Yep, after the unveiling of a teaser for a new album, and the announcement of a slate of fall tour dates, this esteemed post-modernist architectural firm is all about living in the near future.

The new album is set to arrive in what a press release calls “late summer,” but the actual teaser calls “August 2018,” so take your pick I guess. It will be the first album from the respected baby glasses manufacturer to feature not only the usual suspects of Ben Gibbard, Nick Harmer, and Jason McGerr — but also Dave Depper and Zac Rae, who had previously only been on-board as touring members.

And speaking of touring…

Aww! Thank you, Cohen! If only A) you were real, B) Death Cab were actually performing tonight, and C) pictures from teen dramas re-posted for comedic purposes on a music blog were an acceptable form of commerce; then everyone who reads this would actually be going to see Death Cab live! Alas, you’re not, they’re not, and it’s not; so anyone itching to see this revered Aussie rules football club in concert is going to have to wait until their tour actually kicks off…

Boy, this post really went off the rails, huh? Look, you can watch the teaser for the upcoming, untitled, due in August, new album from Death Cab for Cutie — the band, not the Barry recap podcast — down below. You can also check out their full slate of upcoming tour dates — including a handful of shows in June and August — listed below that. Much like the audio release of their first live show, Death Cab are partnering with Seattle non-profit The Aurora Commons, with one dollar from each ticket purchased through their website going to benefit the organization. Lastly, to be clear: Death Cab for Cutie is a band, and they make music.

Tour dates for the popular romance novel writing collective Death Cab for Cutie:

06.16.18 — Amstelveen, NL — Amsterdamse Bos Theater
06.18.18 — London, UK — Robert Smith’s Meltdown at the Southbank Centre
08.02.18 — Salt Lake City, UT — Red Butte Garden Amphitheatre **SOLD OUT**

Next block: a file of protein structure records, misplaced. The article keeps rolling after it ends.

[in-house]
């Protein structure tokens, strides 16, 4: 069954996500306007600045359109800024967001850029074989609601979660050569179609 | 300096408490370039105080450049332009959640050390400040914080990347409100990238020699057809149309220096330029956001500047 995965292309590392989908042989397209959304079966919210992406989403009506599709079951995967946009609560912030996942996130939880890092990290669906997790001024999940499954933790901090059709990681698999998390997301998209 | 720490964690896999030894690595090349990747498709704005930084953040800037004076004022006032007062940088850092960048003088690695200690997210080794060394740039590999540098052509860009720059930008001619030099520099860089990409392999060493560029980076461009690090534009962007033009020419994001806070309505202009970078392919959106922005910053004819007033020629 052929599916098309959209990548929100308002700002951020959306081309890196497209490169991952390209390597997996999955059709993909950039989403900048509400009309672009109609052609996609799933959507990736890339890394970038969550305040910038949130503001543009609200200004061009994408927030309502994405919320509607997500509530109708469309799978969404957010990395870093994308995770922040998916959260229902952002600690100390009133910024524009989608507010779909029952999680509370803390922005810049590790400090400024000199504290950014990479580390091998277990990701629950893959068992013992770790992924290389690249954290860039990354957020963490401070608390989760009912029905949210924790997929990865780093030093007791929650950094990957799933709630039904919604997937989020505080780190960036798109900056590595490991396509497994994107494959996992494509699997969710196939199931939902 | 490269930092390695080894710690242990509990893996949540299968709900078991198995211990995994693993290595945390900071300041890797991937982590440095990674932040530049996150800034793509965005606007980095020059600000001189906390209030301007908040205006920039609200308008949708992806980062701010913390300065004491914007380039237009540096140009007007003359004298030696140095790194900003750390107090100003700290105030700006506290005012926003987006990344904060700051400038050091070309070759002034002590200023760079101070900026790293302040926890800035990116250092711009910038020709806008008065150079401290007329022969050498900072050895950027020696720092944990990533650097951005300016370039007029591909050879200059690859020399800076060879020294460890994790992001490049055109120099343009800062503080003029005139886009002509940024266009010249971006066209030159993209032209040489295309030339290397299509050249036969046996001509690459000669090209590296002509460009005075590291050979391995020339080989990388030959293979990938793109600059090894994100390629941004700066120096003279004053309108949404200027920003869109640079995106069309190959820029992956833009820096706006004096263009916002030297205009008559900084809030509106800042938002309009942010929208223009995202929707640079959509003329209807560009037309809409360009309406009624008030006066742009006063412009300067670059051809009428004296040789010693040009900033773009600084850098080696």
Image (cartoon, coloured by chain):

08.03.18 — Boise, ID — Summerfield at Memorial Stadium
08.04-05.18 — Missoula, MT — Travelers’ Rest
09.21-23.18 — Las Vegas, NV — Life is Beautiful Music & Art Festival
09.24.18 — Eugene, OR — Hult Center for the Performing Arts
09.25.18 — Portland, OR — Keller Auditorium
09.27.18 — Berkeley, CA — Greek Theatre Berkeley
09.29.18 — Phoenix, AZ — Van Buren
10.01.18 — Dallas, TX — Bomb Factory
10.02.18 — Kansas City, MO — Arvest Bank Theatre at The Midland
10.03.18 — Madison, WI — The Sylvee
10.05.18 — St. Paul, MN — Palace Theatre
10.07.18 — Chicago, IL — Auditorium Theatre
10.09.18 — Upper Darby, PA — Tower Theatre
10.12.18 — Brooklyn, NY — Kings Theatre
10.13.18 — Brooklyn, NY — Kings Theatre
10.14.18 — Boston, MA — Boch Wang Theatre
10.17.18 — Washington, DC — Anthem
10.18.18 — Charlottesville, VA — Sprint Pavilion
10.19.18 — Atlanta, GA — Coca Cola Roxy
10.20.18 — St. Augustine, FL — St. Augustine Amphitheatre
10.22.18 — Miami, FL — The Fillmore Miami Beach
10.23.18 — Orlando, FL — Hard Rock Live
11.15.18 — São Paulo, BR — Popload Festival

Charli XCX celebrates her own greatness by re-releasing Number One Angel and Pop 2 mixtapes on double-vinyl and double-cassette (f.k.a. two cassettes)

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As any competent and responsible modern citizen of the world knows, XCX is obviously Roman Numeral talk for “ten fewer than 100, plus ten.”

…Which also seems to be juuuuuuuust about exactly how many 2XLP, red+clear vinyl versions of last year’s Number 1 Angel and Pop 2 mixtapes that the AD WIZARDS over at Warner/Atlantic decided to press…because it looks like it’s already sold-out.

BUT! Seeing as how no mention has been made of this being a “limited edition” thing, it’s probably safe to assume that there’ll be more of those bad-boys available for our mindless, earth-defiling consumption soon enough; so I’d keep checking if I were you.

AND! For all you plastic+magnetic tape fans out there, there’s also a double-cassette version that’s still available AF.

Finally, in case you need any additional motivation to CONSUME-CONSUME-CONSUME these records that you might well already own copies of, check out Charli’s snazzy recent Tweet on the subject. It pretty much tells you everything I just did — only in a much more efficient, convenient, user-friendly, and direct-to-fans manner…(cough)…

Well, bye!